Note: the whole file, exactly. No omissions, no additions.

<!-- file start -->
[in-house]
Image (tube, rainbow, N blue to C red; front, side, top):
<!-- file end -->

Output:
[in-house]
Image (tube, rainbow, N blue to C red; front, side, top):